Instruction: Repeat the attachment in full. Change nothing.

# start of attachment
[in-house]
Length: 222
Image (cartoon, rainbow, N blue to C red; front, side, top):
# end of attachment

[in-house]
Length: 222
Image (cartoon, rainbow, N blue to C red; front, side, top):